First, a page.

To mark the 250th anniversary of the birth of veterinary profession and veterinary science, the UN has declared 2011 World Veterinary Year, a statement from the FAO has said on Tuesday.
The statement said that King Louis XV of France in 1761 had proposed that a veterinary school be founded in Lyon, due to the scourge of cattle disease at the time.
This year also marks the 300th anniversary of the development of the first measures designed to fight bovine diseases.
The measures that were formulated in the early 18th century by an Italian physician Bernardino Ramazzini and Giovanni Maria Lancisi, personal physician to Popes Innocent XI, Clement XI and Innocent XII.
The slogan adopted for the celebration is “Vet for health. Vet for food. Vet for the planet!” the statement said.
It said this was the motto that evoked the all-important role that veterinarians play in safeguarding human and animal health in working to enhance food security and in protecting the environment.
FAO, together with the European Union, is one of the principal institutional partners for the commemoration organised by the VET 2011 committee.
VET 2011 committee is a body that brings together all the national veterinary organisations that have adhered to World Veterinary Year.
An opening ceremony was held on Tuesday in Versailles, France, attended by high-ranking French and international public figures.
In his speech, FAO Director-General Jacques Diouf, emphasised the important role played by FAO — together with its member states and other concerned institutions — in the fight against the numerous zoonotic diseases threatening animals and animal products.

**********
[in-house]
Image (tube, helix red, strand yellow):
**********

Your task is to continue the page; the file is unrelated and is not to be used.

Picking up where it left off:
Diouf underlined the measures taken by FAO jointly with the WHO and OIE (the World Animal Health Organisation) to fight the recent Avian Flu H5N1 pandemic.
Jacques said that FAO and OIE would soon announce the total elimination of the bovine disease, rinderpest.
“This will be the first time in human history that a zoonotic disease will have been totally eradicated and only the second time, after the victory over smallpox, that any disease has been totally stamped out of existence,” he said.
He also emphasised the crucial role played by veterinary science, which he said, “has significantly reduced mankind’s exposure to the risks of zoonotic diseases such as tuberculosis, brucellosis or other animal flu viruses”.
Diouf said it was estimated that animal diseases caused losses of between 25 per cent and 33 per cent in world animal production.